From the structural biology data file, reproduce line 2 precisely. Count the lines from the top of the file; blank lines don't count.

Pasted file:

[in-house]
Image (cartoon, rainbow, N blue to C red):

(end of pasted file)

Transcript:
Image (cartoon, rainbow, N blue to C red):